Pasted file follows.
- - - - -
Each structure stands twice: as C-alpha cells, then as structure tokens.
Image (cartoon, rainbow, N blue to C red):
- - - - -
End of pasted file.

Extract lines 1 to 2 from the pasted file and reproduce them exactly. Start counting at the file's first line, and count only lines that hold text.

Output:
Each structure stands twice: as C-alpha cells, then as structure tokens.
Image (cartoon, rainbow, N blue to C red):